Design is concerned with how things work, how they are controlled, and the nature of the interaction between people and technology. When done well, the results are brilliant, pleasurable products.*

 

Sailfish customers appreciate and expect clean, intuitive design. Sailfish Design Manager Jeff Daum aspires to dignified simplicity when designing a boat – it is his credo and guides his hand in drawing the lines of a Sailfish.

The core of marine design is based in simple form, and that’s the beauty of a Sailfish. “In my opinion, a simple, clean design is the best design. It is good design. If you have to embellish it to get attention…that’s all it is – embellishing,” he says.

There is a “utilitarian” design ethos in the center-console segment under 24 feet. “One of the things about Sailfish that really sticks out to me is its beauty and inherently simple, fluid and natural, nautical feel,” Jeff adds. Design integrity plays a key role in how Sailfish boats are laid out and put together. “Although Sailfish’s sheer line may not be the main focus, it is distinctive. This simplicity in classic, natural design distinguishes Sailfish boats from the outside in.”

With Sailfish, function is equally important as form. “You don’t see hardware slapped on the outside of the boat. Most of the through-hull parts are thought about, and visually integrated. We lean toward a classic look that gives customers the confidence to say ‘Hey, I understand this thing from top to bottom.’

“The Sailfish hull has a very elegant sweep to it, and I like to look at that sheer line as product DNA,” Jeff adds. “It has been strong with this brand since the inception. This subtle sweep is a distinctive, classic marine design element, and has evolved to make Sailfish stand out on the water.”

“A simple, clean design is the best design. It is good design. If you have to embellish it to get attention…that’s all it is – embellishing.”

A lot of Jeff’s design inspiration is based on customer feedback.  “Some captains like to sit down, others like to stand. There are visibility lines that depend on the design of the sheer line again. If you take your sheer line too high, and the nose of the boat rides up when you’re getting up to full throttle before you hit plane, then you can’t see; those things need heavy consideration in helm design.”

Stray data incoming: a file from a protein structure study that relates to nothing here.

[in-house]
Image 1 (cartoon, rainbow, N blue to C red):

Jeff draws on aesthetic inspiration, too. “I like to look at future transportation design, including automobiles, motorcycles….any vehicles that reflect either a coming trend or a future technology. I like to take cues from the trends these transportation brands are setting with surfacing techniques. For example, years ago BMW had something called ‘flame surfacing’ (the use of body contours to create concave and convex lines). It was a term they used to explain how they derived the lines on exterior surfaces, and it became a heavy influence on me.”

“I tend to look to the future and think, ‘How can this be applied to marine?’ I will draw on that influence to make a fluid design so that our boats look very natural and congruous in their surroundings.”

Simple, natural, refined – these are the qualities of Dignified Simplicity. As Sailfish rolls out new models there will be some aesthetic updates that will add definition around Sailfish core design for the coming decade. “We will incorporate some new features and design language that customers will see, reflective of a design evolution, not a design revolution,” Jeff says. “Because we’re going to build on these elements of Dignified Simplicity. It is what our customers and fans have come to cherish.”

*Don Norman, The Design of Everyday Things